- launch, distribution, and sales strategy;
- pricing policy;
- marketing, public relations, media relations, social networking strategy, etc.
Section 6: action plan
This section covers (e.g. in the form of a schedule) the major stages of launching your business and the associated deliverables and planned application costs for each of these stages.
Section 7: risk analysis
While your business contacts may pay close attention to your strengths and opportunities, they look even more closely at your project’s risks or even its weaknesses. Do not let them discover your challenges Confirmable business by themselves; maintain control by preparing this SWOT analysis yourself, focusing in particular on:
- internal risks (organizational, management-related, logistics, etc.);
- external risks (increases in marketing, product, competitive and legal costs, etc.);
- potential safety issues (high-risk occupations, environmental risks, etc.);
- probable barriers to market entry (political, economic, administrative, and cultural barriers, etc.).
Section 8: the financing plan
In a business plan, the question of business finance is key. This section will therefore be examined very closely by most of your business contacts. The overall concept, day-to-day financial management Confirmable business, expected balance sheet and profit & loss account, cash-flow plan, sureties, deposit statement, property valuation, current lease or loan agreements: it should all be in there!
Here is one proposal among many as to how to structure this section:
1. The initial financing plan, i.e. the sustainable requirements and resources needed to be able to launch your project:
- the formation expenses (deeds, studies, consultancy, etc.);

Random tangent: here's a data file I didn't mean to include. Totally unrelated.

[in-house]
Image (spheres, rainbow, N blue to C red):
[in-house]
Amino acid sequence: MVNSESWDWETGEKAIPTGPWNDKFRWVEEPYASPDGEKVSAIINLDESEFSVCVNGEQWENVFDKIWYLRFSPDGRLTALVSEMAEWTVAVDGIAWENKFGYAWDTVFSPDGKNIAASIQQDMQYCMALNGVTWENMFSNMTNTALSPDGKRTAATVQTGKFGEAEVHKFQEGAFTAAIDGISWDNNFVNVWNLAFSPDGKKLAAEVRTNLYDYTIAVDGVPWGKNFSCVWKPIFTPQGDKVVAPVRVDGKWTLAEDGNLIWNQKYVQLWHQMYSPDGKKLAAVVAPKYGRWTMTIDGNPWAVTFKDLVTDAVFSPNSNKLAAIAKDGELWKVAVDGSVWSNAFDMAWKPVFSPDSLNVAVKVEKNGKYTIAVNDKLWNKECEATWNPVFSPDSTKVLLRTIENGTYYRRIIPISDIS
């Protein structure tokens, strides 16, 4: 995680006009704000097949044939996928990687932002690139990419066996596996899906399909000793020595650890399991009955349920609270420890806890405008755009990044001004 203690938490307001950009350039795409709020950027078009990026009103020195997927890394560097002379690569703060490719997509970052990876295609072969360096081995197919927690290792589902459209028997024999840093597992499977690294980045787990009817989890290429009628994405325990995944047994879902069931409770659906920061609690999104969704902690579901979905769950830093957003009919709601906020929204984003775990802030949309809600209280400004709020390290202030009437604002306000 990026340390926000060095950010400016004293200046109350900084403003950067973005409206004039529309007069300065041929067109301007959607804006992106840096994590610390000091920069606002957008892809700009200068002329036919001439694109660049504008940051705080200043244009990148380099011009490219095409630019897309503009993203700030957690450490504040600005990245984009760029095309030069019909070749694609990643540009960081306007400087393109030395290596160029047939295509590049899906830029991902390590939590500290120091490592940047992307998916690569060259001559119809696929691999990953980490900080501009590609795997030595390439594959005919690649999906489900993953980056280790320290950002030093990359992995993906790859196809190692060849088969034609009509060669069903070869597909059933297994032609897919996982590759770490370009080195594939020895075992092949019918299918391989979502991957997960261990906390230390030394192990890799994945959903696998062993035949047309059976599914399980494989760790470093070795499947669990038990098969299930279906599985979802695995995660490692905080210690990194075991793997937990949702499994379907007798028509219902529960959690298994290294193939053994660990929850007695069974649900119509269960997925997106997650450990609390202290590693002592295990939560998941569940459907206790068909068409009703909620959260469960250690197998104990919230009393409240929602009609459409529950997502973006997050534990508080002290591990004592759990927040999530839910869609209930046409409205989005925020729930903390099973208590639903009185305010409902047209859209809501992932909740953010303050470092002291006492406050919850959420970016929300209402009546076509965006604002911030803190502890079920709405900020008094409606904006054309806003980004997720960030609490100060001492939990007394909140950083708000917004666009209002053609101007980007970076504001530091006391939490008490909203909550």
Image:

- the acquisition of (financial or (in)tangible) assets and the related depreciation;
- the cost of alterations and improvements to the premises, IT equipment, etc.;
- the working capital requirements (current assets and liabilities);
- the resources available (contribution of personal funds, government aid, bank funding, etc.).
2. The profit & loss account records the expenses and income for the early years of your business if already launched. Be careful to show a clear distinction between fixed overheads and variable costs.
3. The projected cash flow shows, every month, all cash inflows and outflows in the first year of operation. This makes it possible to verify whether you have sufficient cash to meet your payment deadlines.
4. The financing plan over a minimum of three years, i.e. the “standard” spreadsheet showing the financial requirements and the resources to meet them and to finance both your operating cycle and investments. This plan should be drawn up based on points A to C and your basic assumptions. It should show the breakeven point and the theoretical point at which it is reached.
Section 9: the appendices
This section contains all the additional information, the sources to check your analyses Confirmable business, and the various certificates needed to help understand the status of the project and its potential success.
So, all that’s left to say is… Good luck!